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The Perfect Ugly Christmas Sweater 

Nice stitching.

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Originally the territory of Bill Cosby or Freddy Krueger, the ugly Christmas sweater has now become an ironic icon of holiday kitsch that even the trendiest hipsters are pompously rocking. While that first big wave of mass-produced horrors swept through closets in the mid-1980s, fashion avatars have eagerly embraced the past and made “old” new again. Yet, like Rubik’s cubes and aviator sunglasses, this is one ’80s fad we aren’t completely sold on.

Vancouver, the Canadian city that claims to have started it all, declared in 2012 that Dec. 21 is its official “Ugly Christmas Sweater Day.” Plus, according to Google Trends, the phrase “ugly Christmas sweater” cropped up seven years ago and has grown in use ever since.

What does this all mean? It’s the classic story of a novelty fad. (Apologies to the hipsters who mistakenly thought it was underground, but ugly sweater parties are super-mainstream now.) Most commonly you’ll find these sweaters in the house parties of twentysomethings and thirtysomethings who are nostalgically clinging to the starry-eyed magic of the holidays; and, as the years go on, the expectations of “ugly” get higher.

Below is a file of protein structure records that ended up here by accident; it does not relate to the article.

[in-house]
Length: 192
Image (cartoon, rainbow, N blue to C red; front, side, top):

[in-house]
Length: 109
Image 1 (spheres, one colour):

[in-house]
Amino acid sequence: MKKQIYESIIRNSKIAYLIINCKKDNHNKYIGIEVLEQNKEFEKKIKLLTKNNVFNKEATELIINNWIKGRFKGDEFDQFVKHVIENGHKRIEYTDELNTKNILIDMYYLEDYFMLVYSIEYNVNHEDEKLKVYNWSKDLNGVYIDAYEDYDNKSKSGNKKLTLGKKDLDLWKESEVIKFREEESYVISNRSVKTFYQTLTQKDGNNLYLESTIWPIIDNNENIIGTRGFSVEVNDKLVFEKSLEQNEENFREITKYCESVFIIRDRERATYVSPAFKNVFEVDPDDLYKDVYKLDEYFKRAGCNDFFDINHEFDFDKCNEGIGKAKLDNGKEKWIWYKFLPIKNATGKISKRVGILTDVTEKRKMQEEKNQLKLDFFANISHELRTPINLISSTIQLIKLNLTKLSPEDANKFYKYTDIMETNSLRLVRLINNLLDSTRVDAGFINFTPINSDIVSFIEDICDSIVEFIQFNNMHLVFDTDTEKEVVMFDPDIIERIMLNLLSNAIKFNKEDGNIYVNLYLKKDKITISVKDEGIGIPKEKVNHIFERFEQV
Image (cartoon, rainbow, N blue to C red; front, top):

Websites like Etsy.com milk the handcrafted ugly Christmas sweater business dry, so its prices are often more hideous than the sweaters attached to them. A much cheaper alternative is thrifting. Between the infinite rows of shoulder pads and sequins, pure gold is hiding in the racks of our local resale and thrift shops.

Everyone has a perfect ugly sweater — just like every wizard has a Patronus — and sometimes you just need to summon your own. So why not craft a sweater? Tinsel, ornaments, cotton balls, and stuffed animals tacked onto a sweater could seriously make you Facebook gold.

Great ugly sweaters leave you wondering how many Yetis were slain in the making, and consequently make you Google “yeti” to see if they really do exist or not. (The jury is still out on the yeti.)

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